The logic is simple: ride your bike each day of April. It’s your call: around then block, on the trainer, at the gym, or something more epic. Then take a photo or three, usually one with your bike in the shot, and post to your social media.
It’s that simple.
Where the simplicity breaks down, however, is with the rider. And this spring, with the weather trajectory as straight as a wet noodle, getting a good ride in was a bit of mental gymnastics. But like I said, making this easy or difficult is up to you, the rider.
Thus this April was anything but straightforward.
While I did ride some routes a few times, my mind would not allow an exact duplicate of a previous ride.
Which was a blessing, for now I know far more routes, new neighborhoods I hadn’t explored before, and was able to work on technique, like the one you acquire when you pedal from asphalt to snow to thick slush, all at an unrecommended speed with tires too narrow.
The magic of riding this much, from 5 to 30 miles a day, 30 days in a row, is that it truly jump starts those biking legs that had been on skis for the past six months. The early spring bike races are less intimidating now, while my tolerances for “bad weather” have been blunted by controlling the mind, which started each day by carrying the bike down the steps, and hopping onto the saddle and setting out.
Living in Duluth and having both a gravel and fat bike, was helpful but not necessary. Looking back, however, this April it was necessary. It’s been only recently that I pulled the studded tires, having used them numerous times during April. And more often than not, I would take the fat bike to be on the safe side, i.e staying upright in sloppy snow or high winds or having to mix trail surfaces.
But what about those photos? I tend to post images in groups of three. And these bike rides were tours, exploration via two wheels. As someone who is passionate about Nature and being outside as much as possible, my personal goal is to showcase what I see - what I feel - what I experience. When I bike tour, I tend to stop often, talk to strangers (or they talk to me), and generally breathe in my surroundings. It’s like me saying to you, “Come hither - check this out!” It’s like a trail report, Nature report, and photojournalism rolled into one. Each day for 30 days.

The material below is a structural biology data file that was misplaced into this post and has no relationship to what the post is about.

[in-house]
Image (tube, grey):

The individual photographs are journal entries, sometimes very personal, with deep back stories. Taken together each days’ photos are a journal. And if you sat down with me and looked at each photo, the story behind each would be interwoven with childhood memories, ambitions and a dose of soul searching. Taken a step further, April is my bike rider’s detox, which seems appropriate for spring, as we cleanse away winter and darkness and invite warmth, growth and light.
So where did I ride? Everywhere I could. Or wanted to. There were rides to the co-op in a full blizzard. There were rides on the Munger, back and forth between Barnum and Moose Lake. There were rides south of Moose Lake. There were rides north of Barnum. There was a lovely ride near Danbury, WI. There was a very soft ride south of Danbury on the Gandy Dancer Trail. There were rides over the Bong Bridge and ending at the Anchor for burgers. There were rides out to Wisconsin Point. And there was one particular ride that wasn’t about me; instead it was about a retired couple out for a tour on their e-trikes, talking softy, enjoying their time together, out on their bikes.
The last ride, on day 30, was an early morning ride, as forecasts predicted rain in the afternoon. However…the wind that morning was stellar! I’ve never before been blown diagonally across a road, twice. Nor have I ever been blown so hard that a St. Louis River bike swim was in my future. To feel the force of Nature, up close and personal, by my own choosing, while on a bike, was in my mind, the perfect way to end 30 days of saddle time.
When I finally reached home, in the relative shelter of the stairs upon which I had carried my bike 59 times in the past 30 days, it was time to pause and relax. But only after the 60th climb was done.